A Late Walk
When I go up through the mowing field,
the headless aftermath,
smooth-laid like thatch with the heavy dew,
half closes the garden path.
And when I come to the garden ground,
the whir of sober birds
up from the tangle of withered weeds
is sadder than any words
A tree beside the wall stands bare,
but a leaf that lingered brown.
Disturbed, I doubt not, by my thought,
comes softly rattling down.
I end not far from my going forth
by picking the faded blue
of the last remaining aster flower
to carry again to you.
Forty years into this hike.
It still sways me to bent knee.
Remnants of a carcass and it’s debris.
Leaving as it arrived.
Degradation begins with the first snow.
As if…it and I had, somewhere else to go.
An effect of hallucinogenic thaw grabs a bygone broken bone.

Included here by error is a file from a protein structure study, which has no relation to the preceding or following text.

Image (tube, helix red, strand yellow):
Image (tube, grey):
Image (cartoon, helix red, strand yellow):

How radiant the fictitious heat?
I hope to never know.
Yet, the struggle from inward calls forth a name.
A yearning for year long travel cannot be tamed.
Scurrying over embankments accosted with previous tread.
To the woods, I am constantly led.
Desperation marks mile one in the sound of Styrofoam steps.
Gawky forsaken rotted pine limbs.
Soon become a threat.
So difficult to gauge all myths lying in surround sound.
Far off crows.
Noises that are eerily familiar to a wilderness I used to know.